Reducing Inflammation to Help Solve Obesity
Monday, March 17, 2008
Board Certified Clinical Nutritionist Byron J. Richards,
Obesity is a complex problem. Research into genetics and gene-related pathways is improving our understanding of the issue and opening new doors for solution. Recent research on twins is shedding light as to exactly which gene switches are malfunctioning as a result of obesity. By “throwing the switches” into the proper position, which can be done, you can much more readily get in a position to lose weight or effectively maintain a healthy weight.
To understand what the twins research means I will place it in context. True genetic adaptation takes place over tens of thousands of years. For example, one new study shows that you are genetically predisposed to obesity if your ancestors came from Northern climates. Likewise, running is a genetic evolutionary event that is wired for fat burning. If you don’t run you’ll have a much harder time turning on your natural fat burning genes. While other genetic risk factors for obesity are sure to exist, my point is that these take tens of thousands of years to evolve.
In comparison, another problem is prenatal and postnatal programming of the nervous system. In this case numerous factors come to bear on the growing fetus, and along with events that occur during the first few weeks of life, produce “nerve imprints” that can have a life-long impact on obesity risk. I discuss these in more depth in my Prenatal Nutrition and Postpartum Nutrition sections of our website. The important point here is that imprints made on the developing nervous system are more like changes in “hardware” than “software” – like writing messages on a blank chalkboard that will determine subconscious behavior for years to come. Poor fetal programming may have an adverse affect on several generations.
The interesting thing about twins is that their genetic history is the same, and most often their prenatal and postnatal programming is also similar. It is common that twins are the same weight within a few pounds. Thus, when it is found that one twin is more overweight than the other it creates a rare opportunity to examine what the differences are that caused the problem. This means that under the influence of environmental and dietary factors various gene switches will be operating differently, even though genetics is the same. This can help everyone to understand exactly what goes wrong that causes obesity.
In a study published this week, a detailed genetic analysis of 14 different pairs of twins, wherein one twin was on average 33 lbs (20%) heavier than the other, has helped clarify the nature of the obesity problem. The researchers found that the obese twins had more abdominal fat, more fatty build up in the liver, larger fat cells, insulin resistance, and low adiponectin Protein hormone that modulates metabolism including glucose and fatty acid catabolism. High levels are associated with low body fat. .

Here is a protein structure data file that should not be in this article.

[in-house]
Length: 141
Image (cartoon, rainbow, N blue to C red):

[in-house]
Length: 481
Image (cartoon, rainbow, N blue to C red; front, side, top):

A detailed genomic analysis was performed, identifying 19 specific metabolic pathways that were inappropriately activated. 15 of these pathways involved immune-generated inflammation. The most over-activated gene (5.9 times normal) involved the recruitment of macrophages into stored fat. As I point out in another recent posting this problem is directly linked to the production of more fat cells – locking in obesity. As different from the simplistic ideas of exercising more and eating less – this data shows beyond the shadow of any doubt that resistant obesity is an inflammatory problem.
The researchers went on to prove that this set of inflammatory problems, which includes a build up of fat in all the wrong places, actually clogs metabolic function of cells. Cell engines (mitochondria Organelle found in cells that produce ATP or chemical energy. Also involved with cell signaling, cellular differentiation, cell death, cell growth, along with heme and steroid synthesis. ) within stored were found to have less DNA in their mitochondria Organelle found in cells that produce ATP or chemical energy. Also involved with cell signaling, cellular differentiation, cell death, cell growth, along with heme and steroid synthesis. , indicating a seriously reduced ability to perform normally (meaning a lessened ability to burn calories). Another metabolic problem was identified for the first time: the inability to naturally use branch chain amino acids in metabolism – resulting in higher blood levels of insulin that helped to lock in insulin resistance and set the stage for diabetes risk.
These are key findings that help pinpoint precise “gene switch” problems faced by a majority of people who are overweight and can’t get their weight off simply by exercising and eating better.
In essence, the problem is one of “sprained fat,” similar to the idea of a sprained ankle. Unfortunately, the types of gene switches that are inappropriately stuck in the on position tend to self-perpetuate the problem – meaning an overweight person has great difficulty ever recovering from sprained fat and therefore has a compromised ability to burn calories as fuel. It’s like being stuck with a metabolism that just limps along and can hardly keep up.
As always, consistently doing everything right the majority of days in a month is the only way to get anywhere as time goes by. A clear path to improvement is now plain to take for those who wish to lose weight in a healthy way and keep it off.
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